In William Golding's Lord of the Flies, how does Jack paint his face in Chapter 4? 

In William Golding's Lord of the Flies, how does Jack paint his face in Chapter 4?

 

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owls21 eNotes educator| Certified Educator

Kneeling beside a pool of water in order to see his reflection, Jack uses a combination of red clay, white clay, and charcoal to paint his face. As the boys are on an island, the ingredients used for Jack's mask must be (as you might have guessed) naturally sourced. While we must rely on our imaginations to visualize the exact nature of Jack's face paint, we can reasonably assume that he is camouflaging himself in a way that he hopes will make him harder to detect. Consider the following passage in Chapter 4 of the text:

“If only I’d some green!”
He turned a half-concealed face up to Roger and answered the incomprehension of his gaze.
“For hunting. Like in the war. You know—dazzle paint. Like things trying to look like something else—”
He twisted in the urgency of telling. “—like moths on a tree trunk" (Golding, Chapter 4)

In Jack's explanation, we see that his intention is to be unrecognizable. By looking like something else, Jack might become better suited to hunting, but the underlying effect of covering his face is that he simultaneously covers aspects of himself and his identity. Not satisfied with the first attempt at his mask, Jack decides to try another pattern, one which is decidedly more aggressive than the first. Consider, for example, the following excerpt from Golding's text:

Jack planned his new face. He made one cheek and one eye-socket white, then he rubbed red over the other half of his face and slashed a black bar of charcoal across from right ear to left jaw. He looked in the pool for his reflection, but his breathing troubled the mirror (Golding, Chapter 4).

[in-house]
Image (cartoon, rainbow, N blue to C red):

In Golding's language, we see tones of aggression and violence which foreshadow Jack's change of behavior. Jack does not merely draw; rather, he "slash[es]" (Golding). In the image of the white eye socket, we easily imagine skeletal structures. Jack transforms through charcoal and clay into a figure who, no longer acting as "Jack", may behave as wildly, violently, or erratically as he chooses. Golding, writing on this transformation, states:

He looked in astonishment, no longer at himself but at an awesome stranger. He spilt the water and leapt to his feet, laughing excitedly. Beside the pool his sinewy body held up a mask that drew their eyes and appalled them. He began to dance and his laughter became a bloodthirsty snarling (Golding, Chapter 4).

Once adorned with the mask, Jack becomes an "awesome stranger" (meaning that he is capable of inspiring "awe" in others). Jack's shift is a powerful one: he no longer recognizes himself and no longer shows concern for his actions. The boys regard his painted face in a manner importantly described as a state of being "appalled" rather than impressed or intrigued. The scene focuses, then, on the ways in which identity might be lost or suppressed, how reality might be "masked" or covered, and the ways in which behaviors might change when accountability is removed. Because he no longer acts as "Jack" in the scene, Jack does not claim responsibility for the violence of his actions or his behaviors.

(Golding, William. The Lord of the Flies.)

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Lord of the Flies

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